A Medical Social Study of Factors in Adjustment of Eight Cardiac Patients Over Sixty as Seen in the Cardiac Clinic of Jewish Memorial Hospital
Two thousand years ago, the average length of life was twenty-five years. At the beginning of the twentieth century it was forty, and only one person in twenty-five lived to be sixty-five years of age or older. Today, the average life span is sixty-eight and it is estimated that sixteen out of twenty-five will live to the retirement age of sixty-five. Hence, an examination of statistics reveals that today more people are living beyond the age of sixty than ever before. The incidence and type of many diseases vary indirectly with that particular age group under discussion and consideration. This is particularly true with cardiac disease, wherein the prevalence of certain common types of heart disease increases sharply with the increment in the age of the individual patient group. Therefore, it follows that diseases prevalent in the older age, with its individual complex problems, would be on the increase. This is precisely what is occurring today. In addition to this, as medical science moves forward in the prevention and cure of infectious diseases, chronic illness has become one of the nation's foremost medical problems. Great advances in medicine and surgery have helped to bring chronic illness to the fore.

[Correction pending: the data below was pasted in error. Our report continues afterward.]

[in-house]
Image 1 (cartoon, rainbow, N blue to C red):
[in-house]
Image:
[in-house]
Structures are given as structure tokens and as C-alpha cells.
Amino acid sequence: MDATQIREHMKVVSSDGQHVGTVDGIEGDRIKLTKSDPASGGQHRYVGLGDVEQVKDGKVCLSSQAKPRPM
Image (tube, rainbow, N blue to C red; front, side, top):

Rummelsburg, Marilyn Gloria, "A Medical Social Study of Factors in Adjustment of Eight Cardiac Patients Over Sixty as Seen in the Cardiac Clinic of Jewish Memorial Hospital" (1951). ETD Collection for Fordham University. AAI30509521.